Working together, high school and college instructors can improve student success rates, writes Jordan E. Horowitz of the California Partnership for Achieving Student Success, or Cal-PASS, in Education Week.
First, postsecondary institutions must be able to clearly state and explain what is expected of entering students. It is not enough, for example, to require a certain number of years of math, English, and other subjects; nor is it enough to require a passing grade in Algebra II. We must identify the specific knowledge students need to succeed in college-level math.
Second, we must develop longitudinal student-data systems that allow us to track students from year to year, school to school, and educational segment to segment.
Community college instructors should work with teachers from feeder high schools to analyze remediation and course failure rates, align curricula and tests and develop solutions, Horowitz writes.
In California, Cal-PASS lets all 112 community colleges and nearly all public universities share transcript and test data with more than two-thirds of K–12 districts.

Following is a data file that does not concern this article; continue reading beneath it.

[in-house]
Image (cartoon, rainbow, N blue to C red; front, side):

The database currently holds more than 415 million records representing approximately 25 million students, with the ability to track back as far as 15 years. Without divulging student identities, Cal-PASS enables practitioners to track cohorts’ progress from kindergarten through middle school and on to college.
Teachers and college faculty from the same disciplines meet monthly in professional learning councils to diagnose strengths and weaknesses and align school and college curricula.
For example, one English council was disturbed by transition data indicating extremely high rates of their high school students were being placed into remedial postsecondary English courses that were below college level. Upon comparing curricula, faculty across the different levels of education noted that high school English is literature-based, while postsecondary English focuses on rhetoric and demands greater expository reading and writing skills. Faculty members worked across the secondary and postsecondary segments of education to infuse more nonfiction reading and writing into the high school curriculum. Standardized-test scores improved, school adequate yearly progress improved, and upon placement in college-level English when they matriculated to the local postsecondary institutions, these students passed with a C or better at a higher rate than their non-program peers.
Postsecondary institutions must “define what it means to be college-ready in a way that is actionable,” Horowitz writes.